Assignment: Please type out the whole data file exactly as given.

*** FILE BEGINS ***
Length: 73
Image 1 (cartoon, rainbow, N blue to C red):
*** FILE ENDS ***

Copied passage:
Length: 73
Image 1 (cartoon, rainbow, N blue to C red):